Franklin Templeton’s forward-looking message was popular with advisors surveyed by Phoenix, who said the ad focused on “getting people to look at where they are at,” which is the first step in achieving a successful retirement. The ad “takes into account current events and offers solutions” and “hits an important aspect to rebalance client portfolios,” advisors said.

(Click to show full Vanguard ad)

2) Vanguard, “Newspaper”
Phoenix “Creative Potential AdPi” rating: 128

Advisors believed Vanguard’s ad clearly communicated the firm’s message, showing a trustworthy company that provides customers with good value along with investment research and tools. “It gives me something that all my clients want: The ability to keep more of their earnings,” one advisor commented.

(Click to show full Prudential ad)

1) Prudential, “Only One”
Phoenix “Creative Potential AdPi” rating: 130

“Prudential hit on the themes of crisp content, advisor support and real-world examples,” said Uttaro. “It was successful because of the crisp layout with bold font and graphic tie-in of padlocks as bullet points referring to Prudential’s daily lock-in. The ad resonated well with advisors because it even had a call to action where the advisor could order a brochure and a toolkit.”

The Worst 5 Financial Services Ads Targeted for Advisors

The following ads, excepting the lowest-rated ad at the bottom of this “worst of five” list, are in no specific order, according to Uttaro.

“We didn’t want to step on anybody’s toes because these were the weakest performers. These individual ads didn’t resonate quite as well,” Uttaro said, adding that Phoenix’s “Creative Potential AdPi” ratings for the worst advisor-targeted ads are available on a private basis to Phoenix’s clients. In general, unsuccessful creative themes included unnecessary text and ineffective graphics.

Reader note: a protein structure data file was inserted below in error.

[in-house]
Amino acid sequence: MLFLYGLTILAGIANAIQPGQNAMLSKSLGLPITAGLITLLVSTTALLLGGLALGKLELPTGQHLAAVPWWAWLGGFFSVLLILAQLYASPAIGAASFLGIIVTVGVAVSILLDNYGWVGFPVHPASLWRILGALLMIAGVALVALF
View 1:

According to the Phoenix data, the weakest ads didn’t work because of:

  • Too much or too little information
  • Confusing or irrelevant messaging
  • Too much jargon or ineffective use of graphics
  • A lack of supporting messages, which kills credibility

(Click to show full MFS ad)

5) MFS, “Carry the Weight”

While this MFS ad was relatively strong in being persuasive, it did not resonate for “breakthrough creative,” according to the advisors surveyed by Phoenix.

(Click to show full Scottrade ad)

4) Scottrade, “Mission”

The overall impression of advisors surveyed was that Scottrade’s “Mission” ad lacked breakthrough and impact.

(Click to show full TDAmeritrade ad)

3) TDAmeritrade, “Advancing”

TDAmeritrade’s ad promoting advisor services was among the weakest performers in terms of showing “a credible brand,” according to the Phoenix survey.

(Click to show full Allianz ad)

2) Allianz, “One Great Opportunity”

This Allianz ad promoting annuities struggled to evoke “strong persuasion” for advisors, who gave it a low overall likeability.

(Click to show full Lincoln Financial ad)

1) Lincoln Financial, “Trees,”
Phoenix “Creative Potential AdPi” rating: 111

“Lincoln Financial was definitely the worst,” Uttaro said, pointing to the firm’s AdPi rating of 111 versus the 30-ad survey’s average rating of 119. “It struggled from a creative standpoint on all the metrics, including relevancy. It struggled significantly there, and relevancy has been one of the themes or attributes of the best ads that we’ve noticed.”